The receiving step may comprise storing the incoming message in a message database, determining whether the incoming message comprises an amendment request for a message previously received from the Party-A, determining whether the incoming message comprises a cancellation request for a message previously received from the Party-A, and/or determining whether the incoming message comprises a set of settlement instructions. If the incoming message does not comprise settlement instructions, the invention optionally performs the step of adding a set of settlement instructions to the incoming message.
 The receiving step may also comprise placing the incoming message in a message matching queue and sending a notification to the Party-B indicating that the incoming message has been received. In preferred embodiments, notifications may also be sent to third parties (such as Prime Brokers or funding banks), indicating that the incoming message has been received. Further still, in some embodiments the receiving step may include converting the incoming message to SWIFT MT300 format.
 In addition, the determining step may include assigning a match status to the incoming message, and sending a notification to interested parties and participants indicating that the second set of details has been matched.
 Once the messages have been matched, the invention may be configured to accept a settlement instruction election from the Party-A for instructions for settling the financial transactions pertaining to the matched set. Thus, the Party-A user may elect to use a pre-defined set of standard settlement instructions, to provide a completely new set of settlement instructions, or to edit a pre-defined set of instructions.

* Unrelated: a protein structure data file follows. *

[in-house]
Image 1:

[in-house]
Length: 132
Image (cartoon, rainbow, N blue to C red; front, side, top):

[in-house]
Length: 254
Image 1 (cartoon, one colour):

The method may further comprise the step of presenting the user (usually the Party-A or customer) a set of netted settlement payments for the plurality of previously-executed financial transactions. Typically, although not necessarily, calculating netted settlement payments includes the steps of receiving from the Party-A via the online connection a selected value date and a selected combination of accounts and counterparties for a subset of previously-executed financial transactions in the plurality of previously-executed financial transactions, and calculating the set of netted payments for the subset based on the selected value dates and the selected combinations. The set of netted settlement payments are then transmitted to the Party-A via the online connection for a confirmation instruction and to each counterparty in the selected combination for approval.